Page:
Wu Yi Varietal Organic Charcoal Roasted Oolong Tea - Winter 2017

Tea type
Oolong Tea
Ingredients
Not available
Flavors
Astringent, Butter, Fruity, Stonefruits, Umami, Bitter, Char, Citrus, Citrus Zest, Coffee, Mineral, Stewed Fruits
Sold in
Loose Leaf
Caffeine
Not available
Certification
Organic
Edit tea info Last updated by Togo
Average preparation
170 °F / 76 °C 4 min, 45 sec 6 g 9 oz / 275 ml

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2 Tasting Notes View all

  • “A very nice roasted oolong with a stewed fruit and citrus like aroma. The roast is a bit stronger than I would normally prefer, but I think it works well for this tea. The taste is mineral and not...” Read full tasting note
    82

From Taiwan Sourcing

Wu Yi Oolong is back again, and this winter with more depth to explore with! Before introducing this tea, let’s have a quick review of what “Wu Yi” means.

Don’t be confused, this is not a Wu Yi Rock Tea from mainland China, but instead a unique varietal that was brought to Taiwan around 200 years ago. Until today it is difficult for us to tell which exact varietal was brought from Wuyi region of China back then, so this varietal has earned its unique name to commemorate its origin ─ “Wu Yi” as a result.

Inherited from the extremely clean tea plantation, this Wu Yi has become our favourite teas to drink daily. With more traditional process, and very exquisitely unique roasting technique by Master Zhuang who has been researching the possibility of roasting in his roasting studio, this tea is very special in its taste and warm feeling.

We encourage everyone who is the fan of us (and thank you all) to give a try of this tea. This tea, like our Egret 17 Baozhong Bug Bitten Oolong, are what we have been working and waiting for since our launch in 2015, and we could not be prouder to offer this to the world. Enjoy!

Harvest: Winter 2017 / 冬 貳零壹柒
Varietal: Wu Yi / 武夷
Elevation: 450 M / 肆佰伍拾 公尺
Region: Ming Jian / 名間
Oxidation Level: 30 % / 分之 參拾
Roast Level: 4 / 肆 分

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2 Tasting Notes

82
447 tasting notes

A very nice roasted oolong with a stewed fruit and citrus like aroma. The roast is a bit stronger than I would normally prefer, but I think it works well for this tea.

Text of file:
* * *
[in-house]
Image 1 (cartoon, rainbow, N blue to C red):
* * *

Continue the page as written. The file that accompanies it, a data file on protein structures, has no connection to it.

The taste is mineral and not as fruity as the smell and definitely more bitter than sweet, although there are some sweet and sour flavours in the background too. The taste profile is actually not too dissimilar from some lighter oxidation Dan Cong teas, with charcoal notes that are usually absent in those. In the aftertaste I get coffee notes as well as astringency that disappears soon enough and gets replaced by slowly increasing sweet sensation at the back of my mouth. The aftertaste is long and actually more like Wu Yi oolongs I reckon, not floral at all, rather quite sweet and roasty.

I like to do slightly longer steeps for this one, as it enhances the body. There is bitterness though, so depending on your preferences, you might not want to go crazy. The texture is bubbly, slightly sticky and milky with long steeps. I also get a cooling sensation in the throat while drinking that actually becomes warming later on.

Another point to note is the body sensation induced – very warming and somewhat rushy. This tea has an incredible price/quality ratio I would say. Overall, if you like roasty and bitter oolongs, I would suggest you pick this up. The tea doesn’t really lack in any way other than the taste. If it was a bit more aligned with my preferences, this would be a ~90 kind of tea for me.

Flavors: Bitter, Char, Citrus, Citrus Zest, Coffee, Mineral, Stewed Fruits, Stonefruits

Preparation
200 °F / 93 °C 1 min, 30 sec 7 g 5 OZ / 150 ML

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